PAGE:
Jun 25, 2010 News
…GGMC to lend a hand
Kevin Trim yesterday commented that the Guyana Geology and Mines Commission (GGMC) will be working with the Department in assessing key requirements for the new revetment construction to be done at Kumaka Landing.
Trim, who is the General Manager of the Transport and Harbours Department (T&HD), said in a comment yesterday that GGMC will be sending equipment and operating personnel up to Kumaka Landing by next Thursday at the latest.
This he indicated was in an effort to determine the requirements for the proposed revetment so that the Department may begin drafting the necessary tender documents.
According to Trim, the GGMC has equipment that will allow them to extract soil samples in the area where the revetment needs to be built.
Analysis of those samples will therefore give the Department an idea of its strength and therefore what length of pile will need to be driven in order to accommodate the weight of the revetment wall and the other strains that the piles will be subjected to.
Trim said that the Department is also trying to determine the precise length of revetment necessary, but a number of market stalls are currently in or very close to the construction zone, and that exercise will be suspended until the Regional Administration has managed to relocate the stalls.
Once the stalls have been relocated, the length of revetment necessary has been determined and the other requirements of the revetment assessed, Trim notes that the Department will prepare the necessary documentation to tender the contract.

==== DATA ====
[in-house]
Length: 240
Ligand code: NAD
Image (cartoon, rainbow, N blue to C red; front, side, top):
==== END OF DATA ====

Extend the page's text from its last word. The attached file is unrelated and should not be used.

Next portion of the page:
He says that the T&HD is also trying to figure out whether or not they will be using in-house engineers or open the bidding to external contractors as well.
Trim stressed that he wants the job to be subject to a rigorous study by external consultants who can assist in the preparation of a sturdy design, before any works begin.
He noted that the design should be able to withstand the rigours of the river and the land erosion, since the last thing the Department needs is a repeat of the Charity incident where the wharf had floated away costing taxpayers millions.
He noted that the conditions at Kumaka Landing are such that if care is not taken to prepare a sound design, it could see the river taking back the revetted area in perhaps five years or less.
Meanwhile the residents, who were not affected much by the collapse of the old Stelling continue business as usual at the Kumaka Marketing Co. (KMC) Wharf, which is where the traffic had been diverted for some time now as what was supposed to have been a temporary fix for the situation at the older wharf.
Trim noted that one of the reasons for the trip down to Kumaka was an inspection of the collapsed old wharf.
He said that the debris was removed from the waterways and what material could have been salvaged was taken to be reused in the repair works at the KMC wharf.
As Trim put it, it is only fitting that the Department repair this wharf, since it has been taking all of their traffic for quite some time now.
Present on the visit were Minister of Public Works, Robeson Benn, Trim and representatives from the Road Project Department and Sea Defence Departments of the Ministry of Public Works.
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